Mass communication systems with distributed recipient mass notification capabilities are simply systems that enable databases to be segmented into groups according to users’ roles, locations or other attributes. Database segmentation is essential for preventing sensitive emergency communications from being shared with the whole database. In nonemergency situations, database segmentation also enhances internal communications.
SMS Opt in/Opt out
Having an additional SMS opt-in/opt-out facility enables visitors, temporary staff and others to opt into the system to receive alerts, updates and other important messages. This functionality works in a similar way to retail SMS marketing and has no additional management overhead for administrators.
Geo-polling is a recent development in mass notification systems. It is a simple function that sends a question to a targeted group or subgroup of the database with a choice of administrator-defined answers. The feature can be used to check on the well-being of employees and community members during an emergency, the availability of employees for extra shifts after an emergency, or by business unit at any time.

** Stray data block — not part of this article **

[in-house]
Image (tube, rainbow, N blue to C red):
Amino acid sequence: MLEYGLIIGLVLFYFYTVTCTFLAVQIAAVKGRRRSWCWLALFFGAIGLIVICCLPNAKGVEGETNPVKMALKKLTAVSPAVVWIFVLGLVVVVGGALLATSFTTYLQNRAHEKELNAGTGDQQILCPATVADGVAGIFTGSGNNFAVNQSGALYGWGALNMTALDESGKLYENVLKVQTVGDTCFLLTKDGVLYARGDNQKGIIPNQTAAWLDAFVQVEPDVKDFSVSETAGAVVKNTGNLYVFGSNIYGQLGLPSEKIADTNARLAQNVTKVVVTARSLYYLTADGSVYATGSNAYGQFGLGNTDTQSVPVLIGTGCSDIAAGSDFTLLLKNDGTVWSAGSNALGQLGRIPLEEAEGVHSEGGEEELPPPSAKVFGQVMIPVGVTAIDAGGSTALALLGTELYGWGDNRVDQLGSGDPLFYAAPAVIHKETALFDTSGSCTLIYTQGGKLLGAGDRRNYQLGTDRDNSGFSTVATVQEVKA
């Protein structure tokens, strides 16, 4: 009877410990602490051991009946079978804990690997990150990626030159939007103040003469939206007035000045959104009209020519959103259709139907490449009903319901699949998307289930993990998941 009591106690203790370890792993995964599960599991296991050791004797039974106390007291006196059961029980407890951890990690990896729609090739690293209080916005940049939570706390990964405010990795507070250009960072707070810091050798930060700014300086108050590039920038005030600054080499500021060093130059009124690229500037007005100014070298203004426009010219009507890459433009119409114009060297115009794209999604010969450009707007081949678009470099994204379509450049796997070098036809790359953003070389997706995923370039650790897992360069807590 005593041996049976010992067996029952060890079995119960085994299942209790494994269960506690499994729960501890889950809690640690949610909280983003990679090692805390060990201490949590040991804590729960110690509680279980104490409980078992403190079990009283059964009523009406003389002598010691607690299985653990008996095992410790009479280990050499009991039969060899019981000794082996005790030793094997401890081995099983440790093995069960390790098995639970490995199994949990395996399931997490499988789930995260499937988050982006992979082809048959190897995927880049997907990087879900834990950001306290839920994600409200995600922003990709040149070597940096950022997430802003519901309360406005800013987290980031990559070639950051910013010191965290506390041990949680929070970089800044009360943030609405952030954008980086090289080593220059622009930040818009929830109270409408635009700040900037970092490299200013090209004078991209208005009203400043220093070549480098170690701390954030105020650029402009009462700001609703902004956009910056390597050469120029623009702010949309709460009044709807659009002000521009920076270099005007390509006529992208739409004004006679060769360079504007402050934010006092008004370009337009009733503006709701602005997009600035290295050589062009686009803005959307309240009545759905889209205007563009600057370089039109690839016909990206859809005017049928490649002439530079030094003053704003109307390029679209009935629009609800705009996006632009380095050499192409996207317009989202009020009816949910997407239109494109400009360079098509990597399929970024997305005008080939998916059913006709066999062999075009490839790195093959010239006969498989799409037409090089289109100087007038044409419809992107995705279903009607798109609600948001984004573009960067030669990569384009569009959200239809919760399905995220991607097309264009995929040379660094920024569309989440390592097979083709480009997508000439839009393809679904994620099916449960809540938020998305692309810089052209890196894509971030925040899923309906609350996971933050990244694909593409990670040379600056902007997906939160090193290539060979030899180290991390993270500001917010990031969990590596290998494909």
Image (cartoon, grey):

An End-User Administration Portal
An end-user administration portal, which can be used to select nonemergency communication preferences, may seem like a nonessential extra, but it can help alleviate alert fatigue. By allowing people to select how they receive nonemergency communications, the number of messages being delivered by SMS is reduced. When an alert is sent by SMS during an emergency, it is more likely to be recognized as an important message that needs reading.
Best Practice Guide
Proven Practices for Addressing New Communication Concerns